Truth is, I am going back for two days in December, right before the vacation, so I can get paid for the vacation.  Right after those two days, I’m going to my mother-out-law’s house for Christmas.  So really, my time as a stay at home mom to a little baby ends in December.  And here it is.  I can no longer say, “I go back next month.”  I know that I’ve been home a lot longer than many people get to stay.  I don’t, however, feel like I’ve had ample time to enjoy it.  Ample time would be a whole year.

My friend SN asked me to post about sleep.  People with babies my age start to worry about it now.  Usually when it is time to go back to work.  When Cake was a babe, I took my February vaction and dedicated it to sleep training the boy.  He was waking up three times a night and taking over 45 minutes to get back to sleep each time.  I did “The Baby Whisperer” technique (it is a book;  a rather condescending one, at that.)  It took two nights.  The technique, called “pick up, put down” was a sort of modified cry it out.  But instead of leaving the baby alone in the room to cry, you stand there by the crib and pick the baby up and tell him you love him and to go to sleep, then you put him right down.  Repeat.  Repeat until the kid gets the picture that you will not be rocking him for 45 minutes more.*  The first night was the hardest.  Just awful.  The second night was the same as nights had been before the first night.  Every night after that for the next year and a half, he slept through from 7 to 6ish.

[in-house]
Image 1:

Back then, I swore that when I had our second child, I’d keep him on a schedule and teach him to fall asleep on his own, yadda yadda.  Of course that didn’t happen.  Now we’re doing something that makes very little sense.  I call it the hope-the-baby-will-sleep-through-the-night-of-his-own-accord technique. Uuuh.  It isn’t as hard with this guy.  Trucker only really gets up once on a normal night, if you don’t count the 5 am wake up.  But he goes right back to sleep both times.  So I am actually getting a fair amount of sleep.

One of th promises I made to myself was to avoid nursing the baby to sleep.  Yes, it is sweet.  Yes, it is easy.  But it makes the baby need you to put him down.  I don’t want to be the only person who can put him down.  I just don’t.  It should be able to be anyone who [ok, right in the middle of typing this sentence, the baby woke up and i nursed him back to sleep.  This is going so well!] can rock or pat or calm him, not just the one with the lactating parts.  I was doing a good job.  But as you can see, something went awry this week and now he’s wanting to be nursed to sleep.  And I’m doing it.  And it is making me even more upset about going to work.

I know that he will be ok.  I know that he will adapt to daycare.  I will adapt to work.  We will all manage to get out the door and to our respective places on time.  That’s all intellectual.  Emotionally?  Just take a guess.

*I know you are not so foolish, but just in case… please don’t try “pick up / put down” based on my blog post.  Go get the book from the library, if you want to try it. There’s other scheduling stuff involved in the technique. I think the author’s name is Tracy Hogg.


Filed under b00b food, my second son, Trucker, working motherhood, ZzzzzzzzzzzzZZZzzZz